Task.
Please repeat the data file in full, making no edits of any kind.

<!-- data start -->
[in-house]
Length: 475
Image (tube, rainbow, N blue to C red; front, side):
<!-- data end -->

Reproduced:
[in-house]
Length: 475
Image (tube, rainbow, N blue to C red; front, side):